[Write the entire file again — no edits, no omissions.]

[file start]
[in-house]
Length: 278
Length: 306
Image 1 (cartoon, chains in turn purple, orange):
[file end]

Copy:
[in-house]
Length: 278
Length: 306
Image 1 (cartoon, chains in turn purple, orange):